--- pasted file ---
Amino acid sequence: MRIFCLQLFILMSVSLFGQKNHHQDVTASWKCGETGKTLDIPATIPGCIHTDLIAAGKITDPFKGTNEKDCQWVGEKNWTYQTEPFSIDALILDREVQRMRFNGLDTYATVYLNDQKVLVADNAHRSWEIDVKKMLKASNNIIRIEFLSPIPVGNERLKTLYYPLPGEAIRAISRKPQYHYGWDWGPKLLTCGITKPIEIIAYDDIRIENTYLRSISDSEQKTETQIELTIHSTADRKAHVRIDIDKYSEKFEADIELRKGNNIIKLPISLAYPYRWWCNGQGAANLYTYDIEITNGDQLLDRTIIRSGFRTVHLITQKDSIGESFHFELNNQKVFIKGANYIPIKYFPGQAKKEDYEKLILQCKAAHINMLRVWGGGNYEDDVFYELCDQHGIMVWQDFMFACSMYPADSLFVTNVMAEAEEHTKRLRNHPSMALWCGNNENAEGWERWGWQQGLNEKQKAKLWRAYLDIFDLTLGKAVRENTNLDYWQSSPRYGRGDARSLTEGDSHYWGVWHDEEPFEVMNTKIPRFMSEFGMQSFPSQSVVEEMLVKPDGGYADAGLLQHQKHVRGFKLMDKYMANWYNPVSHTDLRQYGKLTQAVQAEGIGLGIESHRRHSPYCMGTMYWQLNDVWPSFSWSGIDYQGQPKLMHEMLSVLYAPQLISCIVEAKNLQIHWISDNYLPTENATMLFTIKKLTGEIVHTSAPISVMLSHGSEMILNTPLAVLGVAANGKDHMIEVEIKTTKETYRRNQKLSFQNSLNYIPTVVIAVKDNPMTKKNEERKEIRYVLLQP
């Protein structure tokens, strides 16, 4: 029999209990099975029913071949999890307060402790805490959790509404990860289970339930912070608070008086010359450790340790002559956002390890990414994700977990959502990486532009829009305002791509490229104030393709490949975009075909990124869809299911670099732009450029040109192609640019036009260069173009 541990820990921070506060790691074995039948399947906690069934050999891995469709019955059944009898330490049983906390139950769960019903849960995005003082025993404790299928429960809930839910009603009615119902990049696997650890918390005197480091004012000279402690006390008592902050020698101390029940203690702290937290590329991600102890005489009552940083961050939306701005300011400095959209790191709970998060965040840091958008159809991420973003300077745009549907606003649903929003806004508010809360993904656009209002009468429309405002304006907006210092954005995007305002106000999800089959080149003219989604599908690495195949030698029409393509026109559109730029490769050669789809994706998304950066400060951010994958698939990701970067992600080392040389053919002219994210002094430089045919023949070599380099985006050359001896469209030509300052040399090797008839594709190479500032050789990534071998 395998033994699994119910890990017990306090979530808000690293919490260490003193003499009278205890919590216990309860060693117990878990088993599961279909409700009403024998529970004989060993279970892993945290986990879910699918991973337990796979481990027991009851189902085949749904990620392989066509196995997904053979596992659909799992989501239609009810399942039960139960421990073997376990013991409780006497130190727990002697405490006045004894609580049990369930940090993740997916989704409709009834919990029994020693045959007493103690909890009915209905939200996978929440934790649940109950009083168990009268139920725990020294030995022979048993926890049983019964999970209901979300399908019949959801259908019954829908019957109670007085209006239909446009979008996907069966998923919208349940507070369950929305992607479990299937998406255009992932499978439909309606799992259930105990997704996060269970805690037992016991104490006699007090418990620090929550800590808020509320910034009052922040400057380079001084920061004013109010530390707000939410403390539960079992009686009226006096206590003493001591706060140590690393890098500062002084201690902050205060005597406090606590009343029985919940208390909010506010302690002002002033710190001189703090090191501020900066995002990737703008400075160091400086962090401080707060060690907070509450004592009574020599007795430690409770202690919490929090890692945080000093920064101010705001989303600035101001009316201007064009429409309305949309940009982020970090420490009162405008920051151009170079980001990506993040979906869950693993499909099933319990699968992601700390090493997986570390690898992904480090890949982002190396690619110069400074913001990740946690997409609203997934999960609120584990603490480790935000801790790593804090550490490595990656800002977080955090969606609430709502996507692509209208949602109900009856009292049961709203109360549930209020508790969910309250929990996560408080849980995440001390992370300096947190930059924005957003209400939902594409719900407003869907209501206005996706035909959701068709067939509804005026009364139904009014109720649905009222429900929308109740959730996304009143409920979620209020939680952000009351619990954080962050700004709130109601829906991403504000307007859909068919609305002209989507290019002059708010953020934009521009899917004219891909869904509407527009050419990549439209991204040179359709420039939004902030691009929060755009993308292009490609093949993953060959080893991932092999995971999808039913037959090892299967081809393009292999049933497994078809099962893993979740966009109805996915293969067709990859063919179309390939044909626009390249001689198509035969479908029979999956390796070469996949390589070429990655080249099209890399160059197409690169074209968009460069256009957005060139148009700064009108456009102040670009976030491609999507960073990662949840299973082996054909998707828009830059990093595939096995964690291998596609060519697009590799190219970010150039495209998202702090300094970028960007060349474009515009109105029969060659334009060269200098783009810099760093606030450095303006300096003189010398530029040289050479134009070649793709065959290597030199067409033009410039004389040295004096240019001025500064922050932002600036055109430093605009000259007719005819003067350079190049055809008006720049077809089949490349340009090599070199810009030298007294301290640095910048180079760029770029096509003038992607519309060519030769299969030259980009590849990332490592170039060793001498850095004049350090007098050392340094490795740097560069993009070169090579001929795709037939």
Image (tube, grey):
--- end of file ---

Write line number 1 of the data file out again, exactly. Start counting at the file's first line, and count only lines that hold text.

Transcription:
Amino acid sequence: MRIFCLQLFILMSVSLFGQKNHHQDVTASWKCGETGKTLDIPATIPGCIHTDLIAAGKITDPFKGTNEKDCQWVGEKNWTYQTEPFSIDALILDREVQRMRFNGLDTYATVYLNDQKVLVADNAHRSWEIDVKKMLKASNNIIRIEFLSPIPVGNERLKTLYYPLPGEAIRAISRKPQYHYGWDWGPKLLTCGITKPIEIIAYDDIRIENTYLRSISDSEQKTETQIELTIHSTADRKAHVRIDIDKYSEKFEADIELRKGNNIIKLPISLAYPYRWWCNGQGAANLYTYDIEITNGDQLLDRTIIRSGFRTVHLITQKDSIGESFHFELNNQKVFIKGANYIPIKYFPGQAKKEDYEKLILQCKAAHINMLRVWGGGNYEDDVFYELCDQHGIMVWQDFMFACSMYPADSLFVTNVMAEAEEHTKRLRNHPSMALWCGNNENAEGWERWGWQQGLNEKQKAKLWRAYLDIFDLTLGKAVRENTNLDYWQSSPRYGRGDARSLTEGDSHYWGVWHDEEPFEVMNTKIPRFMSEFGMQSFPSQSVVEEMLVKPDGGYADAGLLQHQKHVRGFKLMDKYMANWYNPVSHTDLRQYGKLTQAVQAEGIGLGIESHRRHSPYCMGTMYWQLNDVWPSFSWSGIDYQGQPKLMHEMLSVLYAPQLISCIVEAKNLQIHWISDNYLPTENATMLFTIKKLTGEIVHTSAPISVMLSHGSEMILNTPLAVLGVAANGKDHMIEVEIKTTKETYRRNQKLSFQNSLNYIPTVVIAVKDNPMTKKNEERKEIRYVLLQP